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Self-harm is ‘not just responsibility of mental health professionals’

All professionals working across the health and social care system have a role to play in supporting people who self-harm, the National Institute for Health and Care Excellence has stated.

depressed teen

In draft guidance, NICE said the issue should not just be seen as the responsibility of those with mental health expertise.

Dr Paul Chrisp, director of the centre for guidelines at NICE, said: “Self-harm is a growing problem and should be everyone’s business to tackle – not just those working in the mental health sector.

“It is important that our committee has made recommendations for education and criminal justice settings as data in the past few years has shown that people working within these sectors would benefit from clear guidance about how they should help someone who is self-harming.

“These guidelines set out a way for every person who self-harms to be able to get the support and treatment they need.”

Self-harm can occur at any age, but there is evidence that there has been a recent increase in self-harm among young people in England.

A recent national study reported that 7.3% of girls, and 3.6% of boys, aged 11 to 16, had self-harmed or attempted suicide at some point. The figures for 17- to 19-year-olds were 21.5% for girls and 9.7% for boys.

The independent NICE committee has drawn up new recommendations for people working in settings from primary care to psychiatry in the guidance which has been refreshed for the first time in 11 years.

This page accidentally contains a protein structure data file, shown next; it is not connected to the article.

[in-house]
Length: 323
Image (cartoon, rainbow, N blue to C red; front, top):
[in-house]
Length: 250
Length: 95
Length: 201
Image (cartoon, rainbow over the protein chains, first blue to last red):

The assessment, management and preventing recurrence of self-harm guideline provides information, for the first time, for people working in education and criminal justice settings.

The responsibilities of non-mental health specialists including health and social care professionals working in primary care, non-mental health emergency department professionals, those working in general hospital settings and in social care are outlined in the draft guidance. There are also recommendations for ambulance staff and paramedics.

Non mental health specialists, who have provided initial care, should arrange a comprehensive psychosocial assessment to be carried out by a specialist mental health professional, at the earliest opportunity following an episode of self-harm.

The aim of the comprehensive psychosocial assessment is to:

  • Develop a relationship with the person
  • Begin to understand why the person has self-harmed
  • Ensure that the person receives the care they need
  • Gives the person and their family members or carers information about their condition and diagnosis.

Only a minority of people who have self-harmed present to hospital services, but it remains one of the most common reasons for hospital attendance. Some estimates suggest upwards of 200,000 presentations in England every year, the majority for self-poisoning.

People who have self-harmed are at greatly increased risk of suicide, with a 30- to 50-fold increase in risk in the year after hospital presentation.

Structured cognitive behavioural therapy (CBT)-based psychological intervention should be provided to adults who self-harm. For children and young people with significant emotional dysregulation difficulties who have frequent episodes of self-harm, mental health professionals should consider treating them with a dialectical behaviour therapy adapted for adolescents (DBT-A).

Professor Nav Kapur, topic advisor for the self-harm guideline and professor of psychiatry and population health at the University of Manchester said:  “Self-harm can occur at any age and present to any setting.

“Historically, people who have harmed themselves have had a highly variable experience of services.  This new guideline is an opportunity to make things better, particularly from the point of view of assessment and aftercare.”

A public consultation has now begun on the recommendations with a closing date of Tuesday 1 March.

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